EdD, LPC-S, NCC, NCSP
Considered by many as a “Voice of Reason and an Advocate for those who cannot speak up for themselves,” Dr. Delarious O. Stewart has dedicated his life to fighting for a fair and just society.
Dr. Stewart currently serves as Manager of School Psychology in the District of Columbia Public Schools and also provides mental health counseling in private practice.
Dr. Stewart earned a bachelor’s degree in Journalism and Speech Communication, along with master’s degrees in counseling and educational leadership, all from Southern University and A&M College. He earned a specialist in school psychology from the University of Louisiana at Monroe. He also earned a specialist in education in special education and a Doctor of Education degree in educational psychology with a concentration in child development and a cognate in statistics from Jackson State University.
For more than twelve years, he has been providing a full range of mental health and psychological services, including screening, cognitive, personality, behavioral, psychosocial, and psychoeducational assessment, designing remedial educational programs, individual and group counseling with staff, parents, and outside agencies as appropriate. Dr. Stewart’s experience has afforded him the opportunity to effectively work as a member of the multi-disciplinary team to determine the address the needs of the client.
Dr. Stewart began his career in communications and media. His first professional job was working as a communications intern for a Louisiana State Representative. Following the completion of his bachelor’s degree requirements, he worked in television news as a reporter and news anchor. After his stint in news, Dr. Stewart moved over to public relations. He was most honored to serve as Communications Director and Press Secretary for the Honorable Elijah E. Cummings, a Democratic member of Congress from Maryland. He also served as Director of Communications for the United States Congressional Black Caucus.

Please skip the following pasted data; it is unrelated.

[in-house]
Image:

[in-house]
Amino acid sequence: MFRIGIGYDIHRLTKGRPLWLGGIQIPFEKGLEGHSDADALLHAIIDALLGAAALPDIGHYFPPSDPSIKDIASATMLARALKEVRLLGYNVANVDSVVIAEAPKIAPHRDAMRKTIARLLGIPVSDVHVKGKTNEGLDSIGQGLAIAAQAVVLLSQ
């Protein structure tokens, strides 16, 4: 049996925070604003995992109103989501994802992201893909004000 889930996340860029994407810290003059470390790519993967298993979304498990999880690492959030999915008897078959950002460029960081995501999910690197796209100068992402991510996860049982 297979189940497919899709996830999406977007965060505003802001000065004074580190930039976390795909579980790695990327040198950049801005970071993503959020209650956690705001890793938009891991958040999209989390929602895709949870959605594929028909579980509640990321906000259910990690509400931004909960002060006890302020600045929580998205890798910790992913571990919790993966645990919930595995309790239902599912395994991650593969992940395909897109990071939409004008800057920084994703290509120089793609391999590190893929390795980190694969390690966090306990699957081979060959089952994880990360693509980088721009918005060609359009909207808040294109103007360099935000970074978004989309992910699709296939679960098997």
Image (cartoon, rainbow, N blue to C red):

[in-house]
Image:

For more than 15 years, he worked in Mississippi as a leader school improvement, curriculum and instruction, student support services, and special education. He has also worked as a full-time and adjunct faculty member in the areas of counseling, psychology, and educational leadership.
He has published academic and popular culture articles in the areas of adolescent behavior, special education, teaching Black boys to read, school discipline, and dyslexia. He served as a faculty research affiliate in the Urban Education Collaborative at the University of North Carolina at Charlotte.
Dr. Stewart is a life member of the Phi Beta Sigma Fraternity, Inc, the Southern University Alumni Federation, and the Jackson State University National Alumni Association. He is also a member of the Association of Black Psychologists, National Association of School Psychologists, American Counseling Association, National Black Child Development Association, the Council for Exceptional Children, and the National Alliance of Black School Educators.
He is a licensed teacher in Mississippi. He is also a licensed school psychologist and school counselor. Additionally, Dr. Stewart is a Licensed Professional Counselor in Texas, Louisiana, Mississippi, and Virginia. He holds a national license in school psychology (NCSP) and counseling (NCC).
The intersectionality of hip hop and behavior of children and adolescents, Black men and mental health, and training Black men in mental health
- Mizelle, N., Maiden, J.L., Grady, J.C., Stewart, D.O. & Sutton, B. (2020). Cultural mistrust and counseling: A review of factors impacting African American males. Research Journal of Education, 6(8), 128-134. https://doi.org/10.32861/rje.68.128.134 Stewart, D., Maiden, J., & Mizelle, N. (2020).
- Violent and angry in the age of hip-hop: Exploring the relationship between and the music. Journal of Liberal Arts and Humanities, 1(8), 18-25. Maiden, J., Mizelle, N., Nichols, B., & Stewart, D. (2020).
- The impact of microaggressions on men of color in graduate counseling programs. International Journal of Social Policy and Education, 2(5), 57-66. Mizelle, N., Maiden, J.L., Stewart, D.O. (2020).
- Addressing racial disparities in mental health for African American males, International Journal of Humanities Social Sciences and Education, 7(7), 199-205. https://doi.org/10.20431/2349-0381.0707022 Stewart, D., Davidson, S. & Arnold-Brunson, R. (2012).
- A pedagogy of promise: The role of culturally relevant pedagogy in improving academic success in African American students. Online Journal of Rural and Urban Research, 2(1). Retrieved from http://ojs.jsumurc.org/ojs/index.php?journal=ojrur&page=article&op=view&path=28. D. Stewart. (2012, June 8).
- We are our child’s first teacher [Web blog post]. Retrieved from http://asupts.ning.com/forum/topics/we-are-our-child-s-first-teacher Stewart, D. (2011).
- A Pedagogy of Promise: The role of culturally relevant pedagogy in improving academic success in African American students. In. T. Latiker & E. Kincaid (Eds.), 2011
- Ruth Searcy Literacy Conference Monograph. Jackson, MS, 44-66. Stewart, D. (2011). Adolescent’s exposure to rap and hip hop music: Exploring developmental pathways to antisocial behavior. The Journal of Education and Social Justice, 1, 43-57.